An anesthesiologist working in Virginia was successfully sued for $500,000 and let go from her job. Tiffany M. Ingham, 42, owes her current job and financial woes to a couple of crucial factors. The first factor is that the patient who sued her, a man only known as “D.B”, did so only because he happened to record rude and hurtful commentary about him.
When D.B. got home and played the recording of his surgery, he discovered that Ingham could hardly wait for him to go under before she began to verbally abuse him. Had he never recorded the matter, he wouldn’t be $500,000 richer. Just the same, the anesthesiologist would most certainly still be employed. She may also have continued to mock unconscious patients with little to no fear of consequences.
An anesthesiologist is being sued by a patient whom she mocked while under anaesthetic. -http://t.co/2KnKN6iMjI pic.twitter.com/1MeOPhrYJj
— Yahoo New Zealand (@YahooNZ) June 25, 2015
This situation is an example of the growing influence that technology has on the legal and social outcomes of controversial circumstances. In the past, it was simply a matter of opinion or an unprovable accusation. Today, the accusations are backed up by photographs and videos, screen grabs, or audio recordings. Want to hold someone responsible for undesirable or hurtful behavior? Yes, there is, indeed, an app for that.
And that brings us to the second factor that cost this anesthesiologist: The inability to self-censor.
Self-censorship is a behavior best practiced by the shrewdest of politicians. These people (especially during election campaigns) understand better than anyone that they are always one sound bite or photograph away from a ruined career. One might say that political scandals are passé. Scandals involving everyday people go viral almost daily.
— Independent US (@IndyUSA) June 19, 2015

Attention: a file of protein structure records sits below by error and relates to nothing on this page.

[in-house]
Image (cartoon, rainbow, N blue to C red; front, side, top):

You can go from being a faceless college student to “a racist kid in a YouTube video.” A veterinarian lost her job over the alleged killing of a housecat — the controversy started with a Facebook post. Technology is bringing the everyday person in a realm of functioning once exclusively reserved for celebrities and politicians. You must live your life as if every moment might be captured on film, and only the ugliest moments make the headlines.
Well, that’s the most cynical way of viewing the consequences that tech can have on people like the hapless anesthesiologist. There could be an upside to knowing anything you say or do (particularly when truly despicable) can be used against you — You’ll dare to be a decent person.
Homeless man turns in $2,000 found on Langford street GoFundMe campaign to help the good samaritan:… http://t.co/3jwJ2CJFng
— Victoria BC Today (@VictoriaBCToday) June 16, 2015
Many people aspire to be decent, kind, compassionate human beings because that’s the ideal we’re meant to strive toward. If there are social, legal, and financial ramifications for being a terrible, unprofessional person, that may help some people reconsider the value of being a heel in today’s society.
I leave you with this question to ponder: Did the smartphone recording cost the anesthesiologist her job and get her sued for $500,000, or was it her behavior? Share your answer below!
[Image Credit: Ian Waldie / Getty Images]